With Factory Inspections, Apple Shifts Scrutiny to Supplier
Following increased media scrutiny and tens of thousands of petition signatures, Apple has asked an international labor monitoring organization to inspect the Chinese factories that make its top-selling mobile products.
The move was welcomed as a sign of progress from workers rights organizations.
"Manufacturing issues in China are obviously complicated, but the good news is that Apple is great at solving complicated problems," said Mark Shields of Change.org a grassroots movement that says it has collected more than 200,000 signatures calling for better worker conditions at Apple suppliers. "As an Apple consumer, I'm relieved to hear that [CEO] Tim Cook is taking this seriously and breaking ground in the industry with Fair Labor Association auditing."
But Shields said the computer hardware giant needs to create a broader worker protection plan for new products, such as the coming iPad 3, "so that they're proactively taking care of their workers."
Another organization, SumOfUs, also launched a petition last month calling on Apple to "make the iPhone 5 ethically" after a New York Times report looked into conditions at Foxconn, the supplier where explosions have claimed the lives of four workers and high demand may have led to suicides. The syndicated radio show This American Life also looked at the issue in January.
The iPhone 5 is expected this summer from Apple, whose soaring profits led the company's stock price to hover around a record $500 on Monday.
SumOfUs had 59,212 signatures on its petition as of Monday afternoon.
Apple announced Monday that "special voluntary audits of Apple's final assembly suppliers, including Foxconn factories in Shenzhen and Chengdu, China," had begun. FLA President Auret van Heerden is leading the inspections.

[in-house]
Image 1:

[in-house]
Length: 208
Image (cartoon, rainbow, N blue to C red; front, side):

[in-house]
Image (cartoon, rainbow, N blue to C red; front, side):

The non-profit FLA, based in Washington with offices in Geneva and Shanghai, was created in 1999. The organization will publish its findings on its Web site next month.
Apple insists it has always carefully monitored conditions for workers making its products.
"Apple has audited every final assembly factory in its supply chain each year since 2006, including more than 40 audits of Foxconn manufacturing and final assembly facilities," the company said in a Feb. 13 statement. Details of the audits are available at www.apple.com/supplierresponsibility.
'Won't Solve the Problem'
"We believe that workers everywhere have the right to a safe and fair work environment, which is why we've asked the FLA to independently assess the performance of our largest suppliers," said Cook in a statement.
Technology consultant Rob Enderle said the move by Apple appropriately shifts the scrutiny to the supplier, rather than Apple, since Apple does not make the rules regarding production.
"However, it is still an effort largely focused on just one supplier and one vendor which falls far short of what is needed of these labor practices are to be eliminated not just shifted, with related profits, to other companies," he said. "In the end I don't think pounding on Apple will do any more than drive vendors to more effectively conceal or distance themselves from bad labor practices or shift demand -- due to lower prices -- to offshore companies like Samsung."